Tunisian magistrates and lawyers staged a demonstration outside Tunis' Palace of Justice on Thursday, protesting the recent announcement by the nation's president that he intends to dissolve the national judiciary body.
In a televised speech over the weekend, President Kais Saied said he planned to disband the Superior Council of the Judiciary, claiming suspicions of corruption and possible mishandling of politically charged cases.
Opposition members have said the move was just the latest example of the president's power grab.
"The Superior Council of the Judiciary can from now on consider itself a thing of the past," the president said, adding that a decree to set up a provisional council will be issued soon.
Following a public outcry, both at home and abroad, on Wednesday Justice Minister Leila Jaffel said Saied would maintain the council as a constitutional institution but would change the law regulating it and set up a temporary judicial authority in the meantime.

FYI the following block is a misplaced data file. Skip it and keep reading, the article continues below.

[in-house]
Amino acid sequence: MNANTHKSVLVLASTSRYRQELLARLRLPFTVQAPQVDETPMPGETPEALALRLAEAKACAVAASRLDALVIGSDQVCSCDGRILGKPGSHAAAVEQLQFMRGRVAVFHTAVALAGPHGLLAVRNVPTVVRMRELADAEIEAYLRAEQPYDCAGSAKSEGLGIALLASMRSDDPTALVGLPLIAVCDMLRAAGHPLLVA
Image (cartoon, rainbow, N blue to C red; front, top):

One lawyer present at Thursday's protest said the latest announcement changed little and that the independence of the judiciary was under threat.
"This is a communications tactic, a media tactic" said Latifa Habachi.
"We do not trust the justice minister or the President of the Republic. Today damage is being done to the independence of the judiciary by the dissolution of the Superior Council of the Judiciary."
The crowd of hundreds of lawyers, magistrates and citizens gathered on the steps of the palace, chanted slogans and held placards calling for reversal of the decision and restoration of constitutional norms.
Last July, following nationwide anti-government protests, Saied dismissed his prime minister, assumed all executive powers and froze parliament.
He's been governing by decree since then, cracking down on corruption and throwing several lawmakers and business people in jail on corruption charges.
While constitutional lawyers and political opponents, including the influential Islamist party, say the president's actions are unlawful, the decision has proven widely popular with Tunisian public.